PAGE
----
In order for interventions to succeed, they must have the participation of the community, both in planning and implementation. TGF shall not undertake any community-based activity without the consent and cooperation of the beneficiaries. Representatives of the beneficiary group(s) should actively participate at all stages of the project. Leaders of the community should be persuaded to become champions of the intervention effort.

All interventions shall be planned and implemented with the active involvement of the following groups:

a. Community Advisory Team (CAT): This team consists of 9 members – 2 from TGF and 7 from the community. TGF members include CEO of TGF and the Chief Administrator of BMCC. Representatives of the community consist of members of the local governing bodies, and leaders of the community.

The role of CAT is to identify and prioritize the needs of community, recommend courses of action, evaluate costs, identify sources of funds, seek funds, and evaluate the outcome/result of implementation.

b. Project Implementation Team (PIT): This team consists of the BMCC Medical Officer (doctor), Community Development Representatives (social workers of BMCC), a Village Project Leader (VPL) from each of the villages served, and two representatives from each village (one from “scheduled castes” community).

VPLs are recruited from the local community, and trained and paid salaries by BMCC. Hence, they serve as an extension of the BMCC staff.

Separate PITs will be formed for each group of 4 villages. While BMCC members remain the same in all PITs, the remaining members of each PIT will be different.

PITs are responsible for formulating, planning, organizing and implementing all approved interventions/projects. Detailed assessment of expenses related to each project will be estimated by PITs and submitted to CAT for approval.

5.Policy Guidelines for TGF

a. TGF shall participate only in those projects that it considers appropriate. This decision is made on the basis of need assessment, effectiveness, costs, and fairness to the various segments of the community.

b. TGF may make financial, material and or other contributions to any project up to 20% of its estimated total cost, except in education and healthcare projects where a higher contribution may be made. The community must also provide toward at least 20% of the estimated costs in the form of financial contributions, material, and/or labour. The balance of 60% may be obtained from the government (panchayat, and local, state and central governments), private companies and donors.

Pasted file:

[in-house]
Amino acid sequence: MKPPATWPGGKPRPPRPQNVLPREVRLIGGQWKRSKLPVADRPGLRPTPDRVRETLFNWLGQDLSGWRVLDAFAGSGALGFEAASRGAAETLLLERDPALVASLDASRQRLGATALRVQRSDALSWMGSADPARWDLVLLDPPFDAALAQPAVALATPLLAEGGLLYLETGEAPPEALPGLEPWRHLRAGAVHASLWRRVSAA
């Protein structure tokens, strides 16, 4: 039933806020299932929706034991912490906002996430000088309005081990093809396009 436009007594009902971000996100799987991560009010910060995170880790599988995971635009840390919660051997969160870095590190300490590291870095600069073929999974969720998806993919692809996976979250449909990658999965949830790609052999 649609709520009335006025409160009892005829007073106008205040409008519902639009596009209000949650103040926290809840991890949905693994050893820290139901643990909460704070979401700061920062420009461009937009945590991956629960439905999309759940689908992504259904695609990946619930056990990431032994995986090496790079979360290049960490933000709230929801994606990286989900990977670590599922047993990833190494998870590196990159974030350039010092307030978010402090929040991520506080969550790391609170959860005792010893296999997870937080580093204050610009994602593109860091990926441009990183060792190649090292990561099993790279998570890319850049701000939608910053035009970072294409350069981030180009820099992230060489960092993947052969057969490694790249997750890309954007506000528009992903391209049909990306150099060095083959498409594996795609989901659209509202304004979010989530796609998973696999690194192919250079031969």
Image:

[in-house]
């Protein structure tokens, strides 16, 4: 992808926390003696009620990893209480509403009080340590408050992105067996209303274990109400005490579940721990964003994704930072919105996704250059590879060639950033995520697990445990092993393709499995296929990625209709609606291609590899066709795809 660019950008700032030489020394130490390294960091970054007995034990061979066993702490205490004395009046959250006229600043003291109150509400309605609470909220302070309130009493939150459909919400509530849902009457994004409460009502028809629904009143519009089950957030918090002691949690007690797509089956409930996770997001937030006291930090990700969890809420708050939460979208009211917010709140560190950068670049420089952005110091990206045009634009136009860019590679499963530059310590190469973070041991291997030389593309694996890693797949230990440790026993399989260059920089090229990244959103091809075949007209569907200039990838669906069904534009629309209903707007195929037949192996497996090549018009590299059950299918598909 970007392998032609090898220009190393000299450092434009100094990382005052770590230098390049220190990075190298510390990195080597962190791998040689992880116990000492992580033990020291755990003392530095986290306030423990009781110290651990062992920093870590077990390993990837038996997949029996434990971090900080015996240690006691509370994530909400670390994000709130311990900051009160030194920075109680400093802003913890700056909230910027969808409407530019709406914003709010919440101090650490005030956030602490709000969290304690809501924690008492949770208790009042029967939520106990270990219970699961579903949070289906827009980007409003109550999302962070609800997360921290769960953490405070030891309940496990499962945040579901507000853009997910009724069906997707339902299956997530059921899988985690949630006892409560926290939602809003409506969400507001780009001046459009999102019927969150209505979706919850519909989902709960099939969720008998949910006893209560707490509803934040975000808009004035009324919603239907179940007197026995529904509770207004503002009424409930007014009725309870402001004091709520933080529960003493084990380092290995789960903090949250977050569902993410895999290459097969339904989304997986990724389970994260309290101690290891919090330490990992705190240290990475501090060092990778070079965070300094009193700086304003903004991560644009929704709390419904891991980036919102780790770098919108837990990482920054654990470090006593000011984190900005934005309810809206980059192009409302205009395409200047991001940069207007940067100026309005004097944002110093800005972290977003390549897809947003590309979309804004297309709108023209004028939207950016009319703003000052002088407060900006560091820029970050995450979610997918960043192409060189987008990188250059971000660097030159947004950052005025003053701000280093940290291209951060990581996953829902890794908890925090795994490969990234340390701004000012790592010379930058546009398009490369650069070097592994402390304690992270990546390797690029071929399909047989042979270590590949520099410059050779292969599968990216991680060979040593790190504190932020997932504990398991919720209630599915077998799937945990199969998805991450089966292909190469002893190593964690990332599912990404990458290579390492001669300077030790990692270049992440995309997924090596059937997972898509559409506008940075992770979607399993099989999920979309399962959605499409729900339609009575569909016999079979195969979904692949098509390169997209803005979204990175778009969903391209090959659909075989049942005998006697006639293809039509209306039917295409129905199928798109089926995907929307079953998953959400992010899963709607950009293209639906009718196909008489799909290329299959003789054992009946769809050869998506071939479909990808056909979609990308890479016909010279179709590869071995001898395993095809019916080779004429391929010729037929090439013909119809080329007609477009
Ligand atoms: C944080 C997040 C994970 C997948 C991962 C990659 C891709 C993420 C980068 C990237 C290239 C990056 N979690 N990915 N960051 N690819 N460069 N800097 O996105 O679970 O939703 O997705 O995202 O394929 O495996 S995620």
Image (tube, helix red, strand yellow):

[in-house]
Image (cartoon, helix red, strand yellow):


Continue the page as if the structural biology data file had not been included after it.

c. As far as possible, all projects must become financially self-sustaining within a reasonable time. TGF share toward any project must be reduced over time.

d. BMCC must monitor the use of all funds allocated for projects in which TGF participates. In the event of misappropriation of funds by anyone, BMCC must immediately inform the CEO of TGF in writing.

e. BMCC must monitor the use of all funds allocated for projects in which TGF participates. In the event of misappropriation of funds by anyone, BMCC must immediately inform the CEO of TGF in writing.

6.0. Concluding Comments

TGF is committed to improving the lives of each and every member of the community served by us. However, this is possible only with the cooperation and participation of the community. Hence, we must make the effort to involve the community, and communicate the importance and benefits of our intervention.

With a number of successful interventions, both large and small, we will be able to significantly benefit all sections of the community within the next 10 years. As a result, we expect to create model rural communities that offer economic opportunity, provides affordable basic services, and assures social justice to all its members.